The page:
Light up a lantern to lighten your load
As part of the festivities, brightly decorated lanterns will be hung at Buddhist temples and along the streets in cities and towns across the nation. Downtown, a large pagoda-shaped lantern is currently brightening Seoul Plaza in front of City Hall and nearby, the Cheonggye Stream is awash with color.
For believers, the illumination of the lanterns symbolizes the enlightenment of the Buddha. The light means wisdom and mercy that shakes to their senses those who are lost in a world of greed.
Over 100,000 lotus lanterns are lit during the festival every year along Jongno Street, which runs through the center of the capital, and more than 300,000 spectators are expected to take to the streets.
Bongeun Temple in southern Seoul kicked off the festival yesterday with an exhibition of traditional lanterns, which continues through May 5. The lanterns are elaborately made with hanji, or traditional Korean mulberry paper.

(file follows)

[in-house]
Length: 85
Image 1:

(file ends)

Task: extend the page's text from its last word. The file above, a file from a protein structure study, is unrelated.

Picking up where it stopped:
“Buddhists should light up lanterns of wisdom and mercy to brighten the world,” said Venerable Unsan, head monk of the Taego Order, the second-largest in Korea. “We need to live like the lotus plant, which doesn’t lose its purity even though it grows in the mud.”
The lotus lantern parade on Sunday, the highlight of the festival, will start after a Buddhist service at 4 p.m. at Dongguk University. The parade will pass through Jangchung Gymnasium and Dongdaemun Stadium and arrive at Jongno at 7 p.m. before it comes to an end at Jonggak intersection at 9:30 p.m.
Visitors can make their own lotus lanterns and eat temple food between noon and 7 p.m. on Sunday.
To participate in the lantern-making event, call (02) 722-2206 or e-mail email@example.com. For more information on the festival, visit www.llf.or.kr/eng.
To reach Jogye Temple, go to Jonggak Station, line No. 1, exit 3, or Anguk Station, line No. 3, exit 6. For Bongeun Temple, go to Samseong Station, line No. 2, exit 6.
By Limb Jae-un [firstname.lastname@example.org]